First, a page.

Gong Hei Fat Choi!

Happy Chinese New Year!

Now I could say that to welcome the year of the snake me and the family went out to Chinatown, had an epic meal of dim sum and other sweet treats and watched the dragon dancing in Trafalgar Square.

Alas I may have to bore you a little bit and admit that we spent Chinese New Year at home (mainly because on Sundays my younger siblings have to go to Chinese school and weekend tutoring).

My old housemate from university was quite perplexed when she phoned me up and asking what I was doing at that moment on Sunday and had to admit that I was actually ironing school uniforms.

But anyway, the family lunch (tuen yuen fan), was a simple meal; mussels steamed with garlic and ginger for starters and for mains deep fried king prawns with sweet and sour sauce, steamed salmon with blackbean sauce, roast duck and kai lan (it’s a type of vegetable by the way). To end the meal we had lotus root and water chestnuts soup.

Whilst our Chinese New Year was something of an understated and simple affair it doesn’t detract from it being that time of year for family.

Food for Thought – Steamed Salmon with Lemon

Like many Hong Kongers I am a fan of seafood, and a quick and easy way of preparing seafood is by steaming it.

This week whilst my sister revised for her A-level mock exams I was entrusted to cook dinner, which is something of a rare occurence in my house. Fortunately mum left out some salmon, so the logical thing to do was to steam it.

This is very easy to make, for ingredients all you need is salmon, lemon slices, and water. Equipment you will need a wok (or a pot), a lid large enough to cover the the wok, a metal cooking stand (pictured below) and a plate.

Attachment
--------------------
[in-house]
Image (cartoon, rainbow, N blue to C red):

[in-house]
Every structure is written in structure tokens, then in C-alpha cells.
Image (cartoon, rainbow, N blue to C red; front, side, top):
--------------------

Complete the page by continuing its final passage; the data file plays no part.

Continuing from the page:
This meal is best served with rice.

First is to clean the fish steaks and then lay them on a plate. Slice however many slices of lemon you want and lay them on top of the steaks. I decided to twist my lemon slices just because I fancied being a little bit creative, but leaving them flat is fine.

Put the stand in the wok and then fill it with about one-two cups of water and heat up the wok. Put the plate on the stand, cover it up with the lid and leave to steam for 10-15 minutes.

The fish should have a kind of lemony fish oil, don’t let it go to waste, instead use the sauce and mix it with your rice to give it a bit of flavour. This was the kind of thing my parents would make me and my siblings do before exams, they would just pile on any fish oils into our rice in the hope that we would get loads of As in our exams.

You can apply this technique to all fishes but how long you leave it to steam can vary. I once left cod with ginger in for 15 minutes and it came out as overcooked, my nan explained I only needed to leave it in for five. So if you’re making this for the first time try checking every five minutes to see how long you will need to leave it in for.

Alternatively you can spoon some black beans on top, but lemon is a cheaper alternative.